The study used non probability, purposive type sampling of subjects as someone uses knowledge of the population to hand-pick the units to be included in the sample. Somebody selects the subjects who are considered to be “typical” of the population. (Wood & Haber, p. 254). The participants were selected by their superiors on the following criteria: nurses with at least 3 years experience in the speciality and were currently working in the ED.

The method of obtaining the subjects was appropriate as the 3-year experience was based on the Dreyfus brothers’ model of skill acquisition (Benner et al. 1996), in which they stated that this amount of experience was a prerequisite to an holistic appreciation of the patient’s condition and understanding of the long-term objectives of that condition (Benner et al. , 1996; Benner, 2001). The size of the sample may be adequate as the six subjects fulfilled the criteria. Five of the nurses had a 1-year specialist programme of education in emergency care and, three of these had a 2-year specialist training. The setting where the data were collected was appropriate for the study. The setting was in Sweden in an Emergency Department (ED).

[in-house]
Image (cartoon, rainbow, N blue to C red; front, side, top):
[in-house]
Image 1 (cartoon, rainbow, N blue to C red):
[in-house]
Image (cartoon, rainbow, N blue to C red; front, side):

Since the major aim of the study was to explore the experiences of nurses receiving patients who were brought into the hospital as emergencies, the ED is the most appropriate setting. Data Collection Methods Data collection procedure used was consistent with the purpose of the study. Since the study was a qualitative, descriptive approach, the phenomenological life-world portrayal is most appropriate to ensure that nothing would be taken for granted (Bengtsson, 1998). The qualitative interviews, both written and oral were also undertaken to understand the experiences of emergency nurses.

To assess whether or not ethical standards are met in relation to the protection of the rights of human subjects, the authors seek approval to the human ethics committee. The study was approved by the Research Ethics Committee of Western Sweden. Data saturation was achieved as written and oral interviews were done. Moreover, the participants interview lasted for 50–90min. During the interview, probes such as ‘What do you mean? ’, ‘Could you develop that? ’ and ‘What does that involve? ’ were used to facilitate the interviewee develop their descriptive accounts and make clear their meaning (p. 202). Data Analysis Procedures